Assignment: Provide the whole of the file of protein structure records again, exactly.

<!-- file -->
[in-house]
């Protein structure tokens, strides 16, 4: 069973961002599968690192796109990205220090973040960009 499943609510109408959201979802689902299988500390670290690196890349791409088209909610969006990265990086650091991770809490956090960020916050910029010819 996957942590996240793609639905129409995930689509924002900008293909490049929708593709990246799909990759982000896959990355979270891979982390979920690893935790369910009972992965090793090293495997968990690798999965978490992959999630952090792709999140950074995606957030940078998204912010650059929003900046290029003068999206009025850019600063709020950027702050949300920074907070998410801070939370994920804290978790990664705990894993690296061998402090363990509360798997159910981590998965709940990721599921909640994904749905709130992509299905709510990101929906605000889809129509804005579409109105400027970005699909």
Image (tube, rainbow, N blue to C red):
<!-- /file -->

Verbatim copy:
[in-house]
């Protein structure tokens, strides 16, 4: 069973961002599968690192796109990205220090973040960009 499943609510109408959201979802689902299988500390670290690196890349791409088209909610969006990265990086650091991770809490956090960020916050910029010819 996957942590996240793609639905129409995930689509924002900008293909490049929708593709990246799909990759982000896959990355979270891979982390979920690893935790369910009972992965090793090293495997968990690798999965978490992959999630952090792709999140950074995606957030940078998204912010650059929003900046290029003068999206009025850019600063709020950027702050949300920074907070998410801070939370994920804290978790990664705990894993690296061998402090363990509360798997159910981590998965709940990721599921909640994904749905709130992509299905709510990101929906605000889809129509804005579409109105400027970005699909």
Image (tube, rainbow, N blue to C red):